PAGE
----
“Even of the system for distributing asylum-seekers among EU member states according to a quota were to be realised, the consistent application of the system would result in an unlawful situation”, the Ministry of Justice’s Parliamentary State Secretary, Pál Völner said on Hungarian M1 television’s Thursday morning current affairs program.

The Minister of State was interviewed with relation to the fact that the Court of Justice of the European Union began hearing the quota case on Wednesday.

Mr. Völner said the Hungarian case is mainly based on procedural errors. According to the Hungarian standpoint, the Council resolution on establishing the distribution mechanism must be regarded as legislation in view of the fact that it determines an obligation for Member States, and failure to fulfil those obligations is sanctioned.

“However, EU legislation has its own rules and procedures, which were not kept to: the Council could only have modified the submitted Commission proposal in the case of a unanimous vote, but this was not the case. In addition, the document should have been forwarded to the European Parliament for further opinion, and the opinion of national parliaments should also have been consulted”, Mr. Völner said, listing the discrepancies.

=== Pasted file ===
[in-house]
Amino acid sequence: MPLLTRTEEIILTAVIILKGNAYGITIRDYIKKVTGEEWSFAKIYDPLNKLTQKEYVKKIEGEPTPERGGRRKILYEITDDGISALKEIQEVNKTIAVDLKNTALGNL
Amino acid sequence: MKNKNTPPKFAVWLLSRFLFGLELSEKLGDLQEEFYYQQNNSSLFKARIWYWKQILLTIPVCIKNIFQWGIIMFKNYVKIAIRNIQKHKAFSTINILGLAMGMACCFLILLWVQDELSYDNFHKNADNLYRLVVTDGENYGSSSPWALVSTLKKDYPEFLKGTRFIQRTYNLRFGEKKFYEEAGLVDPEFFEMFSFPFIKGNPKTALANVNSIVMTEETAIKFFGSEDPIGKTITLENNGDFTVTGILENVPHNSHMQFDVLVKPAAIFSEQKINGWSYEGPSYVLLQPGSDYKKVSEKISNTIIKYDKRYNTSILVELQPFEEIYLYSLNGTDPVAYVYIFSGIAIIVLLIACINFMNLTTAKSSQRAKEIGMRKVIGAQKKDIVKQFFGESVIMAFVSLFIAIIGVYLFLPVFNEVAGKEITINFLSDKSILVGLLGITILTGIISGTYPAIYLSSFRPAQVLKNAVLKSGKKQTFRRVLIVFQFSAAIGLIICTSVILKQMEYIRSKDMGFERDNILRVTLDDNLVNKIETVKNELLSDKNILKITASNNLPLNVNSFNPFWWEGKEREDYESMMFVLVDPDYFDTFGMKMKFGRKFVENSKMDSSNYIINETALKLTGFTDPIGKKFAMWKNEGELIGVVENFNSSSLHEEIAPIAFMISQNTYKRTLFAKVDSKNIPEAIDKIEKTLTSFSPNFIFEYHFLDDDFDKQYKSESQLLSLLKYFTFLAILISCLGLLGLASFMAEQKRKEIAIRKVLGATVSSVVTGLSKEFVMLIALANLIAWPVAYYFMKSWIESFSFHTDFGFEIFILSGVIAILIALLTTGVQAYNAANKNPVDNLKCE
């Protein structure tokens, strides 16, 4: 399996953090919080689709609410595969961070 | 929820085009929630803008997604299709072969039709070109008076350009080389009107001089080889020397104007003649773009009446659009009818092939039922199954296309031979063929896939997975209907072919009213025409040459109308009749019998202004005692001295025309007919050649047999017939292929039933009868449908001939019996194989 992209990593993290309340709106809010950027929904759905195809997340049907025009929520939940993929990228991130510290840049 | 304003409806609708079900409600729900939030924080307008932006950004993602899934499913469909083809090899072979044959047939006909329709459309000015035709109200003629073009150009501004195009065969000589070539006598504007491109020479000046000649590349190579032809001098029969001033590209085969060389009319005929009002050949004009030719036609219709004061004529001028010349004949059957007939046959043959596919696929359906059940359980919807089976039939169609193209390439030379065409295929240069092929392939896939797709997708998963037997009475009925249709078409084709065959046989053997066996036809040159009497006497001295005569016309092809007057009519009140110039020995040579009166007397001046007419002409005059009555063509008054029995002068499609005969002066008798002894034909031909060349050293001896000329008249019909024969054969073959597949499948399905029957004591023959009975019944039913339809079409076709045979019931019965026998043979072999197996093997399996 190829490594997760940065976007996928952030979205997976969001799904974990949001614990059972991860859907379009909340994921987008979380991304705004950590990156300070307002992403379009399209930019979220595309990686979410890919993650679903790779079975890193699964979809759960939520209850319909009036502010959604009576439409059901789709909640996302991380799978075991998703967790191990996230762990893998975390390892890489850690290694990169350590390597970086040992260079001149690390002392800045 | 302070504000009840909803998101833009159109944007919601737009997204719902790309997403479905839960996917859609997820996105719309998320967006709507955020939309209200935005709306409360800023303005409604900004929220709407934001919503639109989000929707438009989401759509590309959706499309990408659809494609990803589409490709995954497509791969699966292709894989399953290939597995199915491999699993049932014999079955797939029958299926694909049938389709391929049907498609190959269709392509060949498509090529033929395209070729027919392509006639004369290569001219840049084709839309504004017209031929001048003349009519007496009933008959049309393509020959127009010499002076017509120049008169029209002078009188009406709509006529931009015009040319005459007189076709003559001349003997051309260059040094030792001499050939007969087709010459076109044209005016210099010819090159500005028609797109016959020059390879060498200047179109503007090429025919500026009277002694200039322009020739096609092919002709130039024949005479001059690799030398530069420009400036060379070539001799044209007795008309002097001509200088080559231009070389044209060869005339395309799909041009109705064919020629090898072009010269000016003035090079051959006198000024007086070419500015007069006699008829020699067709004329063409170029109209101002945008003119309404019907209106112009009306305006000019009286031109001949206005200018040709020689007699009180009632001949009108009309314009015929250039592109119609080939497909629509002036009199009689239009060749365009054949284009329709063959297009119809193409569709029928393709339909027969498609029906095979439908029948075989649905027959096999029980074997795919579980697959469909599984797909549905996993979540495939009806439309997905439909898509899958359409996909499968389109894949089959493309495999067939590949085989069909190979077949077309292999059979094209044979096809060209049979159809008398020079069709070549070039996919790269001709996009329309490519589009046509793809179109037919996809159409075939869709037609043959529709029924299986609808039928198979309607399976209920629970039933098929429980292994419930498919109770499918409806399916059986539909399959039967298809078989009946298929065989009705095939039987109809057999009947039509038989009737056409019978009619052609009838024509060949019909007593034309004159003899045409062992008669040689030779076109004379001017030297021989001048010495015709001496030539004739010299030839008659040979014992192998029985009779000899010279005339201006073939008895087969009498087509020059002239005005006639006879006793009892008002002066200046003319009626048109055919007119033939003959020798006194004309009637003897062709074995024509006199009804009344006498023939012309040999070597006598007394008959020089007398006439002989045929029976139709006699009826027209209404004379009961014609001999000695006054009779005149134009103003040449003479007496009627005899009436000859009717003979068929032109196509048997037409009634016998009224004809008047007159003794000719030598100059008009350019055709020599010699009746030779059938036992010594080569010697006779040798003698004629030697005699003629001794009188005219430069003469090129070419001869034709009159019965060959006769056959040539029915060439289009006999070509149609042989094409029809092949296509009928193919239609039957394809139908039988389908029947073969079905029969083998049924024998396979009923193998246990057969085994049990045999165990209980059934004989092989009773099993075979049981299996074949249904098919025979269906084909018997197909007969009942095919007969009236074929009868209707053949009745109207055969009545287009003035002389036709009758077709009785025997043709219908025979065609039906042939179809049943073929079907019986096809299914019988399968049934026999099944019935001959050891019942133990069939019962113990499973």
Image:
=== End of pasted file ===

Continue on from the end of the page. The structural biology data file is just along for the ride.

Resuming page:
“The Hungarian submission also includes a substantive objection concerning whether the measure conforms to the principle of necessity and proportionality, because the goal can only be achieved in this manner”, he added.

The Minister of State also said that even if the mandatory resettlement quota were to come into force, it would be impossible to implement it in view of the fact that there exists the free movement of people within the Schengen Area and nothing guarantees that asylum-seekers will remain in the country to which they are sent. “I don’t know under what laws and what duress they could be sent back, what instruments could be applied to keep them there and what treaties and regulations that would infringe upon”, he continued.

The Geneva Convention already questions whether “people can be distributed, like at a human market”, meaning that adhering to and enforcing the regulation would result in an unlawful situation, he said.

The Hungarian Government turned to the European Court of Justice in 2015, asking for the annulment of the mandatory mechanism aimed at the resettlement of 120 thousand asylum-seekers, which the EU’s Interior Ministers had adopted a few months earlier with a qualified majority vote, despite protests from Hungary. Slovakia has initiated legal action with the Court for similar reasons.